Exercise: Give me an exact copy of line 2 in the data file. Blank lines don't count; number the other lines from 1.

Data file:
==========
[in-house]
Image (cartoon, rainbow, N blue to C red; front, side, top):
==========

Image (cartoon, rainbow, N blue to C red; front, side, top):